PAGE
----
The Supreme Court, in an appeal from Superior Court, held that judges, not juries, should determine the applicability of the Right to Farm Act’s (“RTFA”) prohibition on nuisance claims. It further determined that the use of recycled biosolids as fertilizer constituted a normal agricultural use under the RTFA.

Thirty-four individuals living adjacent to a 220 acre farm owned by George Phillips (“Neighbors”), brought private nuisance claims against Phillips and Synagro Central. The nuisance arose from the application of 11,635 wet tons of recycled biosolids as fertilizers on 14 of Phillips’ fields by Synagro. After the biolsolids were applied, Neighbors, many of whom were also farmers, alleged extremely offensive, and unusually noxious, odors emanating onto their properties. Phillips and Synagro moved for summary judgment on the basis that Neighbors’ nuisance claims were barred by § 954(a) of the RTFA. Section 954(a) prohibits nuisance actions against agricultural operations that had operated for more than a year prior to the filing of the complaint, and the conditions complained of had existed substantially unchanged since the established date of operation and were normal agricultural operations.

The Court of Common Pleas of York County granted summary judgment for Phillips and Synagro, holding that because the farm had lawfully operated for more than a year prior to filing, and the application of fertilizer was a normal agricultural operation that had existed substantially unchanged since the farm began operating, the nuisance claims were barred. The Superior Court reversed and remanded. Initially, it found a genuine issue of material fact existed as to whether the switch to biosolids constituted a substantial change. However, it determined that since the nuisance action was filed more than a year after the change, it did not matter. It also found that whether the use of biosolids was a “normal agricultural use” was a material question of fact that should have been decided by a jury.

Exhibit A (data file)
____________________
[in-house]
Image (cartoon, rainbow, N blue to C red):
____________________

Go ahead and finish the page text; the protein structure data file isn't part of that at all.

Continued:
On appeal, the Supreme Court reversed. It found the “normal agricultural use” determination was to be made by the judge; not a jury. The only question at issue, the Court reasoned, was whether Phillips met the statutory requirements. Answering that question did not involve fact finding; only the application of the statute’s definition to the record’s facts. Having made this determination, the Court then held that the use of biosolids was a “normal agricultural use” and that the nuisance claims were barred by the RTFA.

Click here to read: Gilbert v. Synagro Central, 121 MAP 2014 (Pa. Dec. 21, 2015).

Edited by:

Sivertsen_BLOG Zachary A. Sivertsen, Esquire